The Government of Macau did its best to look after the thousands of Portuguese refugees from Hong Kong and Shanghai — feeding and housing families and educating children, even selling off antique cannons as scrap to buy rice for them, but the Chinese were left to fend for themselves. Our family was comparatively well off: my maternal grandfather, who had come from Portugal, was now retired with his military pension. He had built a spacious house with what was for Macau a large garden in which he grew fruits and vegetables and raised chickens, mturkeys and rabbits. We stayed with him for probably a couple of years. My father managed to get a job as a waiter in a Portuguese club. My mother contributed substantially to the family income by knitting clothes for wealthy Chinese, using wool unravelled from old garments.

There was ample food for those who had the money but there were many dishonest and desperate practices. To increase weight, tiny stones were added to raw rice; you could easily break a tooth on them, so one of our daily chores was to spread rice out on a tray and laboriously separate stones from rice, grain by grain.

You would see all kinds of meat for sale including, if my memory serves me right, rats. People were dying in the streets. At one time the police were mystified to find corpses with chunks of flesh removed. It turned out that the chef at a prestigious hotel had been serving human flesh to his customers — including, one imagines, to senior members of the government.When he was caught he never went to trial because — so the story goes — he “died of cholera”. Justice was rough and ready.

For us children life was fairly normal and secure – we went to school, did some chores, played and occasionally even went to the movies. We never really wanted for anything essential but many items were in short supply. For toilet paper we used either newspapers or “chou chi” (a coarse paper made from grass). I still remember the pain of having a molar tooth pulled out without anaesthetic by the dentist with pliers.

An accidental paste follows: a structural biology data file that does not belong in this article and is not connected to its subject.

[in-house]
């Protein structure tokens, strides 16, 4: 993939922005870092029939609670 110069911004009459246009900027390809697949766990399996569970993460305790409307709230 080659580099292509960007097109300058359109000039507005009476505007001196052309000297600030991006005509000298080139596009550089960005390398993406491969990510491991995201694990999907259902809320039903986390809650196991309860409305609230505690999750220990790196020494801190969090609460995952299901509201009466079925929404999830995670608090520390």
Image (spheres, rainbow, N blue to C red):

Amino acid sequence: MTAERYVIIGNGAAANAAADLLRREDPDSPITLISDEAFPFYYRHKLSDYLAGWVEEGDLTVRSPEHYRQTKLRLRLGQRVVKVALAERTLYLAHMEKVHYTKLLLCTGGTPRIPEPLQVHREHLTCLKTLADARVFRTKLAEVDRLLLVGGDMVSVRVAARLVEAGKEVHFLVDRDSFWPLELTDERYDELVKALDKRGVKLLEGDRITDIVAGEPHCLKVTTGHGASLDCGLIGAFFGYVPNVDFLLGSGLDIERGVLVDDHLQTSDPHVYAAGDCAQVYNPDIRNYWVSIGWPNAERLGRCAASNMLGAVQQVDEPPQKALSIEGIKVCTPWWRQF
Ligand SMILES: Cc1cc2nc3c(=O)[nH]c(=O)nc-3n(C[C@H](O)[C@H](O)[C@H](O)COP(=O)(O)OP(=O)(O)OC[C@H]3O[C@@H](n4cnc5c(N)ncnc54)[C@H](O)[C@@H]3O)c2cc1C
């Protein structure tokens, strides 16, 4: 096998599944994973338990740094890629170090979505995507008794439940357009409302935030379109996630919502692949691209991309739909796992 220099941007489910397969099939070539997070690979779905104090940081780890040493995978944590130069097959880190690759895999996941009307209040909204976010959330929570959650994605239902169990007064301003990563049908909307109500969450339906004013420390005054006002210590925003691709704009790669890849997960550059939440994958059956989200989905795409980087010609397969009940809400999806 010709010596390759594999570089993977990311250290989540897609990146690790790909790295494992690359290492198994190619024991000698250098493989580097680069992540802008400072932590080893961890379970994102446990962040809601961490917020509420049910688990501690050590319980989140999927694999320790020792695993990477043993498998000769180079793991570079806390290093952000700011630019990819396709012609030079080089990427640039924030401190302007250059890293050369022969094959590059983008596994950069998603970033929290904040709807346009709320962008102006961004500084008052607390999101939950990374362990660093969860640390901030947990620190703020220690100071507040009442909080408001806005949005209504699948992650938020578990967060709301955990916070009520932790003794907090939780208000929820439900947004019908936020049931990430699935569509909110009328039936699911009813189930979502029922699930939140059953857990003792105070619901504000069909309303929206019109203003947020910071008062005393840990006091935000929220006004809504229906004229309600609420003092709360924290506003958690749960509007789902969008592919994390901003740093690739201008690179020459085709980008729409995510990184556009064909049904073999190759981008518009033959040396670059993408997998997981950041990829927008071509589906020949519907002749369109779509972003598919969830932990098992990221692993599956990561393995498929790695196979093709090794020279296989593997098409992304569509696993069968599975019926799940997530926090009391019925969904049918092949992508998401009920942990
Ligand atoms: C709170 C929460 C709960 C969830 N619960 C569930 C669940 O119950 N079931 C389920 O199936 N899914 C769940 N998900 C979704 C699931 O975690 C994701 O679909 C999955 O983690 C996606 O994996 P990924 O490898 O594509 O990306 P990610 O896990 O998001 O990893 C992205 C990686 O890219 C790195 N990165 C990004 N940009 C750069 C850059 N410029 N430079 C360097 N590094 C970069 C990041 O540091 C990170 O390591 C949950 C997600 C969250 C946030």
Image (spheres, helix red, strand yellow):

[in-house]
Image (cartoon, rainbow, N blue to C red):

The Portuguese refugees sympathised with the British and a handful managed to sneak out of Macau through Japanese lines to join the British Army Aid Group in Southern China to gather intelligence information and facilitate the escape of prisoners of war.

We children experienced nothing of the violence of war. A couple of times late in the conflict we could see, in the sky in the distance, tiny silver dots which were US and Japanese planes engaged in dogfights. In January 1945 US planes from the aircraft carrier USS Hancock bombed Macau’s aerodrome — just 300m from my grandfather’s house — because it housed fuel that could have been passed to the Japanese.

Thus the war years seemed to pass quickly for us until it all ended suddenly when Emperor Hirohito surrendered in 15 August 1945. The Pacific war had begun on one Holy Day of Obligation and ended on another, the Feast of the Assumption of the Blessed Virgin Mary.

Let us return now to the fate of the Portuguese who fought to defend Hong Kong. By my reckoning there were 239 of them, of whom 25 died. The survivors were incarcerated in the Sham Shui Po Camp where they formed a tightly knit community. PoWs were put to work as slave labourers and suffered hardship and deprivation.

There were serious health problems – dysentery, tuberculosis, scabies, beriberi and diphtheria, and a painful disease they called “electric feet” — neuropathy caused by vitamin deficiency. The Japanese had captured large quantities of medical supplies but kept them for their own use.

The army prison doctors worked wonders, operating with razor blades and knives; for drugs they used salt and peanut oil. One of them — Arthur Rodrigues (Tito's father) — was knighted after the war for his services.

Some prisoners were assigned jobs as carpenters, bricklayers, cooks or toilet cleaners; others were sent out on work parties doing hard labour — enlarging the airport, moving munitions, transferring equipment and digging tunnels for ammunition storage. However, they were still able to poke fun at themselves, as these cartoons show.